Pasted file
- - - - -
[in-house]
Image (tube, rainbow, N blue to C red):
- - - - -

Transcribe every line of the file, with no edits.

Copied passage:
[in-house]
Image (tube, rainbow, N blue to C red):